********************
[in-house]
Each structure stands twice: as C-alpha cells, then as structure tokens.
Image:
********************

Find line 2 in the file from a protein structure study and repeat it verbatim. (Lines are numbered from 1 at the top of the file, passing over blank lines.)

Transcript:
Each structure stands twice: as C-alpha cells, then as structure tokens.